July 10, 2018
“If someone says, ‘I love God,’ and hates his brother, he is a liar; for he who does not love his brother whom he has seen, how can he love God whom he has not seen?” (1 John 4:20)
Tradition tells us that the Apostle John escaped from the Isle of Patmos by swimming out to a ship that was bound for the city of Ephesus where he lived to a very old age and was buried. With white hair and a long white beard he was so feeble they had to carry him to the meetings. While at the meetings he would bless those who attended and would cry:
“Little children, love one another, little children, love one another!”
As we see in chapter four of First John, John gives us ten reasons why we must love one another. One reason is that God is love and if we plug into the love God is we make contact with God. As we become a conduit of God’s love, God makes contact with us. John gives us a second reason that if we say we love God and we hate our brother, we are liars.
Because if we do not love the brother we can see how can we love God Whom we cannot see?
His point is that it’s not easy to love God, because we cannot hug a Spirit. There is an inseparable vertical and horizontal dimension of this love that God is.
These two dimensions form a cross.
We cannot say we love God if we do not love one another.
Dick Woodward, 09 July 2010
May 1, 2015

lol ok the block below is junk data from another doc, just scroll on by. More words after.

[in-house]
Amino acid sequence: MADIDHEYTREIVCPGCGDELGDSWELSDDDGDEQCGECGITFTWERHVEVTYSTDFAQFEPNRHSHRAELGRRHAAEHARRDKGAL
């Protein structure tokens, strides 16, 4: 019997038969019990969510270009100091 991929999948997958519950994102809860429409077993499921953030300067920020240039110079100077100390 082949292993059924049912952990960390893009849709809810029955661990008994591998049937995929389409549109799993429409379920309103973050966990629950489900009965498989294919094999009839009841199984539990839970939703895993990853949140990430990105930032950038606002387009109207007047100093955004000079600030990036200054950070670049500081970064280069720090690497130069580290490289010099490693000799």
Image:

“Blessed are the peacemakers, for they will be called children of God. Blessed are those who are persecuted because of righteousness, for theirs is the kingdom of Heaven.” (Matthew 5:9-10)
As Jesus profiles what makes a disciple salty light and His solution to the problems and the problem people of this world, He declares that they will be peacemakers who get persecuted in His fourth pair of Beatitudes.
A synonym for “peacemakers” is “reconcilers.” Paul writes (in Second Corinthians 5:13-6:2), that every believer who has been reconciled to God through Christ is now committed to the message and the ministry of reconciliation. Today many people are alienated from God, from themselves, and from other people. The acute need today, therefore, is for reconciliation. To quote a theologian, who was interpreting the passage referenced above, “It is the will of the Reconciler that the reconciled are to be the vehicles of reconciliation in the lives of the un-reconciled.”
Since reconcilers go where the conflict is happening they are often in great danger. Such is the case with disciples who are living the fourth pair of Beatitudes. You would think that if a person had the eight blessed attitudes in their lives others would gather around him or her and sing, “For he’s (or she’s) a jolly good fellow!” But the opposite is often true. They attack and persecute such a person.
The reason being when they meet such a person they have two choices: They can realize that this is what I should be like, or they can attack that person and try to prove that they’re really not what they appear to be. Those who are the salt of the earth irritate and burn the moral sores of those who are lost.
So let me ask you, two men (people) in a pew, which one are you?
Dick Woodward, 16 April 2010